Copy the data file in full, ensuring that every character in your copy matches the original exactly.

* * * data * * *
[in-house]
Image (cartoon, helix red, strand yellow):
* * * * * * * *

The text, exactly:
[in-house]
Image (cartoon, helix red, strand yellow):